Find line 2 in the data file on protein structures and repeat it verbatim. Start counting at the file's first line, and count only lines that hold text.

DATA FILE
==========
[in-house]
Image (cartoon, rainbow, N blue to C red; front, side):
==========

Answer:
Image (cartoon, rainbow, N blue to C red; front, side):